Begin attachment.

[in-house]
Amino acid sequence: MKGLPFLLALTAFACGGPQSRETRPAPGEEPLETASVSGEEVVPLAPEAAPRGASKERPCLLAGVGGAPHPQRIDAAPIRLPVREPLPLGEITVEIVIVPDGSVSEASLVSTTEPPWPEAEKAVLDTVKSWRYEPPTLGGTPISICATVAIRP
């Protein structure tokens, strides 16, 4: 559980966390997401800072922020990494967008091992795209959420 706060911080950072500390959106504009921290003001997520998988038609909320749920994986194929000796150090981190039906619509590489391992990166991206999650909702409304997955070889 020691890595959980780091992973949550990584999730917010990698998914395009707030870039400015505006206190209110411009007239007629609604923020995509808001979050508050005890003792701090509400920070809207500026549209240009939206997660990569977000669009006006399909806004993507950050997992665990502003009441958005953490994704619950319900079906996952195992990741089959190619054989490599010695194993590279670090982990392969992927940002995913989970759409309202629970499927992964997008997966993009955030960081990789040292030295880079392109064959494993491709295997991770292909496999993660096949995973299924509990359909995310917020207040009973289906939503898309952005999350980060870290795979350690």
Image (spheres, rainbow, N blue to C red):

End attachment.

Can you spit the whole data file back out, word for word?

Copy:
[in-house]
Amino acid sequence: MKGLPFLLALTAFACGGPQSRETRPAPGEEPLETASVSGEEVVPLAPEAAPRGASKERPCLLAGVGGAPHPQRIDAAPIRLPVREPLPLGEITVEIVIVPDGSVSEASLVSTTEPPWPEAEKAVLDTVKSWRYEPPTLGGTPISICATVAIRP
């Protein structure tokens, strides 16, 4: 559980966390997401800072922020990494967008091992795209959420 706060911080950072500390959106504009921290003001997520998988038609909320749920994986194929000796150090981190039906619509590489391992990166991206999650909702409304997955070889 020691890595959980780091992973949550990584999730917010990698998914395009707030870039400015505006206190209110411009007239007629609604923020995509808001979050508050005890003792701090509400920070809207500026549209240009939206997660990569977000669009006006399909806004993507950050997992665990502003009441958005953490994704619950319900079906996952195992990741089959190619054989490599010695194993590279670090982990392969992927940002995913989970759409309202629970499927992964997008997966993009955030960081990789040292030295880079392109064959494993491709295997991770292909496999993660096949995973299924509990359909995310917020207040009973289906939503898309952005999350980060870290795979350690």
Image (spheres, rainbow, N blue to C red):